The NT’s opposition party status is now in dispute — and there’s no consensus on what to do

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The shape of the Northern Territory Parliament has changed yet again, and politicians are now debating who should, or needs to be, the Territory’s official opposition party.

Key points:

  • Territory Alliance now has the same number of seats in NT Parliament as the current CLP Opposition
  • The NT Parliament could be asked to vote on which party should assume opposition status before the August Territory election
  • Three MPs all have differing views on how that process should unfold

The debate was triggered after Jeff Collins, the former Labor-turned-independent Member for Fong Lim, changed his political allegiance for a second time since 2016 and joined Terry Mills’s new Territory Alliance Party on Monday.

Now, Territory Alliance has the same number of seats in Parliament as the current Country Liberals Opposition.

Currently there are 16 Labor members, five independents, two CLP members, and Territory Alliance has two members.

So what happens now, just five months out from the Territory election, that two parties have equal claim to opposition status?

Will there be a vote in Parliament?

At present, NT politicians can’t agree on what should be done now opposition status is in dispute.

But there is precedent for this within the Westminster system.

Collins joins Territory Alliance, ramping up threat to CLP
Labor-turned-independent Jeff Collins is now a member of Territory Alliance, bringing the party’s seats in NT Parliament equal to the CLP Opposition.

The precedent dictates that when two parties tie behind a majority Government, it’s up to MPs to vote on which party should assume opposition.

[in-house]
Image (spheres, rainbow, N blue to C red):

Territory Alliance has previously called on the Government to recuse itself from any such vote, saying it would be absurd for a Government to choose its own opponent.

“This is governed by convention, but I think the overriding convention in the interests of democracy would be that the Government should not be choosing who its opposition is,” Territory Alliance leader Terry Mills said.

But the Northern Territory’s Speaker, Kezia Purick, said there was no convention suggesting Government members should not vote in such an event.

“No that’s not correct, that’s rubbish. That doesn’t happen in our Westminster system and I’m surprised [Territory Alliance] has made that statement,” Ms Purick said.

“Clearly it’s a tricky issue. No Government wants to vote in who their opposing team is. It’s fraught with all sorts of issues and questions marks.”

“If Mr Mills wants to seize opposition from the CLP, then [he should] test the numbers on the floor.”


Ms Purick has clashed with Member for Araluen Robyn Lambley over the opposition dispute. (ABC: Felicity James)

Confusion over whether the Speaker can decide

The Independent Member for Araluen, Robyn Lambley, said it was up to Ms Purick, in her role as NT Speaker, to decide on who should be the official opposition in the instance two parties had equal representation in the assembly.

Mrs Lambley pointed to one of Ms Purick’s own parliamentary reports to justify her claim. It reads: “If the official opposition is not clear by virtue of numbers, it is for the Speaker to decide which group shall be called so.”

But Ms Purick said she had told all members of Parliament that she “would not be choosing the opposition”.

“I cannot be forced to, there is nothing in standing orders … I choose not to. I don’t believe it’s my role,” she said.

“I have made the decision that I will not be anointing any group of members to be the opposition of our Parliament.

“I believe it’s a dangerous precedent for speakers who come after me and I’m not going to do it.”


Jeff Collins’s move to Territory Alliance, led by Terry Mills, has put the NT’s opposition status into dispute. (ABC: Jano Gibson)

‘Do your job Kezia or get out’